HOLDING THE INDY AND MONACO GP AT THE SAME TIME IS A BIT SILLY
So the two biggest, most glamorous, extravagant, over-the-top annual extravaganzas in single-seater motor racing are done for another year.
In the case of the Indy 500 it is done for another 100 years as it is doubtful that the maximum capacity crowd, estimated at close to 400,000 people, can be repeated when it goes back to being an “ordinary” Indy 500, if there is such a thing.
The Speedway people and the IndyCar people are hoping the momentum of the event will increase crowds at all the other events over the season, and the series really does need that to happen.
So why are these two “jewels in the crown”, the Monaco F1 GP and Indy 500, both of which carry huge worldwide prestige for the winner, held over the same weekend?
Would it not be better for there to be a week, maybe two, between them?
It surely would have the effect of bringing more glamour in the form of personalities, exposure, more corporate money, more of well everything, to each event.
You never know, it may even resurrect the days of European drivers entering the 500. Perhaps not Formula 1 drivers, but some of those in GP2, GP3 may try the IndyCars or even the Indy Lights.
Traditionally (there is that word again, you just cannot escape it when it comes to “the Greatest Spectacle in Racing”) the Indy 500 has been held on Memorial Day, May 30, or around that date.
Lady Gaga and Mario Andretti get ready before they take a lap in the two-seater Indycar.
In fact all the way from the first races in 1910 up until 1970 the race was held on that date regardless of the day of the week it was — though never on a Sunday.
That day was studiously avoided and you understand that a little better when you see the number of churches in this part of the US. Religion has a strong hold here.
But in 1971 and 1972 the race was held on the Saturday and in 1974, and ever since, Sunday has been race day.
While all this was going on, the Monaco Formula 1 race was always held over Ascension Day weekend.
With its DNA dating from 1929, the current Grand Prix track is still very similar in layout to the original.
Anybody who has been to Monaco will understand that there is very little option in terms of roads to be used as the track squeezes itself on to the roads that basically follow the harbour coastline except for the parts up, down and around the casino area.
Over the past several years the date was changed to be the last weekend in May — co-incidentally the same weekend as Indy — and that is where it remains.
It is said by some that this date change was deliberately done at the instigation of Bernie Ecclestone; that could be a scurrilous rumour — or not.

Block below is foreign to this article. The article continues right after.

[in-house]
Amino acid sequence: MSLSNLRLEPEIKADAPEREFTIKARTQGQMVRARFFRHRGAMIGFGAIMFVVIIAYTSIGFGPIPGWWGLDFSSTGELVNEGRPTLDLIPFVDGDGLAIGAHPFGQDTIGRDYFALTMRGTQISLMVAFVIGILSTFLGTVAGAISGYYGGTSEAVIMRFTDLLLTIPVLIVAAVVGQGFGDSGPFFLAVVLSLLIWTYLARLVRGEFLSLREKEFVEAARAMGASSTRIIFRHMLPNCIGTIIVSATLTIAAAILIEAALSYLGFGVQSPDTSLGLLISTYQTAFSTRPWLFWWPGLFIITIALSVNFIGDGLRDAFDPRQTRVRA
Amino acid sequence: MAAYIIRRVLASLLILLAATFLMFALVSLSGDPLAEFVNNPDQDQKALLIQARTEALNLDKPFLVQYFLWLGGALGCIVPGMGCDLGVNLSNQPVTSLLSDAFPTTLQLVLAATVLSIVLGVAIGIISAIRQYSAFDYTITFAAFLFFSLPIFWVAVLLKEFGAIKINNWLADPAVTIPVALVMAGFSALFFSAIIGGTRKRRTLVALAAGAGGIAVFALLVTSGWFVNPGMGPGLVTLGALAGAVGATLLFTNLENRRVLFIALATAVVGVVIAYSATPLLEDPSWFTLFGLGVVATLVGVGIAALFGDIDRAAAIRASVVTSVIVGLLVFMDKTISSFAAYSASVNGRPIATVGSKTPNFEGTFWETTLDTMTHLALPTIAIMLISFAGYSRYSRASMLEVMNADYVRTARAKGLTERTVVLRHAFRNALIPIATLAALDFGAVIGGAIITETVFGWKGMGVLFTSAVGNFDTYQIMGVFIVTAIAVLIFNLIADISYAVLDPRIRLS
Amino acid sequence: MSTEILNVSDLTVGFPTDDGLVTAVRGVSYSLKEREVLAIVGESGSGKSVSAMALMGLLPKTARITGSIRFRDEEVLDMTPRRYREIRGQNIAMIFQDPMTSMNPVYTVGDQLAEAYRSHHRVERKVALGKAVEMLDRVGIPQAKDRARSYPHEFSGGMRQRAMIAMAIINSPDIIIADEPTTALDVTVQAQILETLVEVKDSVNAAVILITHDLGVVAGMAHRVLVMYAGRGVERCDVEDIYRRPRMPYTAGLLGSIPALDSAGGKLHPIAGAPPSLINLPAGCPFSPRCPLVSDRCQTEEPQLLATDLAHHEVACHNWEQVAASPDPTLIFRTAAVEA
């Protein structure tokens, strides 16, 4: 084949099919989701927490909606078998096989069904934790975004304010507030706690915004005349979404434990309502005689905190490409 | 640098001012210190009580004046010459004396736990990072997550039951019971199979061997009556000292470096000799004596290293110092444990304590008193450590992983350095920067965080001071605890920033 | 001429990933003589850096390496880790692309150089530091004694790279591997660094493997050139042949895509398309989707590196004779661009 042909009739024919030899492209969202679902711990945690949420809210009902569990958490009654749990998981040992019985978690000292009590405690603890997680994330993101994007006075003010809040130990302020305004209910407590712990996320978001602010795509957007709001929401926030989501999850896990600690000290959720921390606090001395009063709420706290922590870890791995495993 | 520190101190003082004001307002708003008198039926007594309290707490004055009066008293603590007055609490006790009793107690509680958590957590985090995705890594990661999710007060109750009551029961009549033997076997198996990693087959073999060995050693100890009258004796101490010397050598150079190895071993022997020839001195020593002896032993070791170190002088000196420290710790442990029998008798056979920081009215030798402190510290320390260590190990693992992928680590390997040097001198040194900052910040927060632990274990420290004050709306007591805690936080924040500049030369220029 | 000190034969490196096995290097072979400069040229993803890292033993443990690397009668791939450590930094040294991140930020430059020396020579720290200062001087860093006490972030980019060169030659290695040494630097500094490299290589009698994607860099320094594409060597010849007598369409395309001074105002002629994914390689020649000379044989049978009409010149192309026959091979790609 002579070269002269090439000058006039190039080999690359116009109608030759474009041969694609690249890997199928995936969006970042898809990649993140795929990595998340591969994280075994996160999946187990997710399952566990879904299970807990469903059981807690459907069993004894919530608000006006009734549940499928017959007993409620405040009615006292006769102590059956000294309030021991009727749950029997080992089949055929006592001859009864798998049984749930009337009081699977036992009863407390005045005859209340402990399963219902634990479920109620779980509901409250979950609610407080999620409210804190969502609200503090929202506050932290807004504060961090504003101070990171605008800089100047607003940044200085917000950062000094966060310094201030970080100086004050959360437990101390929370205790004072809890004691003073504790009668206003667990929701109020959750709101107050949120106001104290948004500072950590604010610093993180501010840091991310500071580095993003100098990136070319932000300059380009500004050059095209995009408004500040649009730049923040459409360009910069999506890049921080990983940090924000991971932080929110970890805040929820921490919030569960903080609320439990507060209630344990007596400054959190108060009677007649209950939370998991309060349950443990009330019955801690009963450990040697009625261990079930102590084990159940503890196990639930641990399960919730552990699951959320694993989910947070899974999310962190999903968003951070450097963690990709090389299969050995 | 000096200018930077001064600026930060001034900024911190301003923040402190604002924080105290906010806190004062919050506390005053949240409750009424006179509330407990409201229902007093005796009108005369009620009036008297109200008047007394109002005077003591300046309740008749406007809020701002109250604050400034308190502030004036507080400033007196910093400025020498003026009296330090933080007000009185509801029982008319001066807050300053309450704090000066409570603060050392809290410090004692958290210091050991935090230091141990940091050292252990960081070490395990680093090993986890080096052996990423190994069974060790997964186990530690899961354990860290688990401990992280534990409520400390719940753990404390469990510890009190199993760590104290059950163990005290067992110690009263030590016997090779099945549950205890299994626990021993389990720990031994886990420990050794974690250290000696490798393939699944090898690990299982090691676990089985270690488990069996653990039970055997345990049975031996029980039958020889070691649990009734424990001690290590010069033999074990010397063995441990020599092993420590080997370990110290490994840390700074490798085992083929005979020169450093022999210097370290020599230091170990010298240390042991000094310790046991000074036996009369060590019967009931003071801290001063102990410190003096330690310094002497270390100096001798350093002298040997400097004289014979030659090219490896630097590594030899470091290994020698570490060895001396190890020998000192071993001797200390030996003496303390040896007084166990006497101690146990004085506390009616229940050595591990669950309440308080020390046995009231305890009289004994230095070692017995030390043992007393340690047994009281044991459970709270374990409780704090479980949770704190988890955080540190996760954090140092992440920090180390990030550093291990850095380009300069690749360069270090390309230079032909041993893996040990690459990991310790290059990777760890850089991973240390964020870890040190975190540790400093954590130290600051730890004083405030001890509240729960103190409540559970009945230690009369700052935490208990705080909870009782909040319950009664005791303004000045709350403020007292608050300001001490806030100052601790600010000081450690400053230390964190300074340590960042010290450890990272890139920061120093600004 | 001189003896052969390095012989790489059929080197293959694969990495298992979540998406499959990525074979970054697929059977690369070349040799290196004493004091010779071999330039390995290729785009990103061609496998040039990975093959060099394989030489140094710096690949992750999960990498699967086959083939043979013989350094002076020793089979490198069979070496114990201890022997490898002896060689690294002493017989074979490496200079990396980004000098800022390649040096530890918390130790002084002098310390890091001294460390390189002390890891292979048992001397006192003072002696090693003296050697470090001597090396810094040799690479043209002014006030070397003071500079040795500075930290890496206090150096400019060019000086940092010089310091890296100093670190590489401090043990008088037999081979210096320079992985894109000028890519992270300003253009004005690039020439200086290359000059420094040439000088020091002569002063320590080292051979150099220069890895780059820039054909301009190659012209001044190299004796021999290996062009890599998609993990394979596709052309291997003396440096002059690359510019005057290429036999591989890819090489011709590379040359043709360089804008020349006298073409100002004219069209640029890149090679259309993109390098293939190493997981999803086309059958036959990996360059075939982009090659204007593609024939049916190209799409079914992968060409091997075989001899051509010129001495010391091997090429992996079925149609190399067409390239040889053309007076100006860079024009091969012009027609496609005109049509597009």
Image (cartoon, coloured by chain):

The effect of course is that the two races are now polarised in terms of who goes to one or the other. Each race has its own mass appeal. Monaco is at the “Gucci” end of the scale, where old money mixes with the nouveau riche and the “flash-brash” “I am on a boat” crowd.
The Indy 500 caters to the loud race fans who just want to see entertainment, be a part of an event and have fun, in their characteristically American way, while that event is going on, be that at the race or the multitude of music concerts that go on all week in the track infield area after the cars have completed their track time.
Their huge coolers full of beer and wine, and others full of snacks and picnic stuff would make an Eden Park security guard weep, but at the Speedway it is a case of “bring them in and have a nice day”.
Security is tight, with bag searches going on, but that is reflective of the world today, and is done by the IMS security people in a pleasant and friendly way.
The Indy 500 event plays heavily on the emotions, especially when it comes to Memorial Day, a day when America remembers those who have died while serving in the country’s armed forces, whereas in Formula 1, well, it seems they simply couldn’t care.
The razzamatazz, the hoopla, the promotion and best of all the racing in the 500 excites the soul and plays to the market — and does so very successfully.
Perhaps that is just the difference between the “American Way” and the “European Way”.
It may be heresy to say it, but Formula 1 as a sport has to grab the entertainment thistle with both hands if it wants to prosper, and really should take a little more than a leaf out of the Indianapolis Motor Speedway’s book of How To Do It.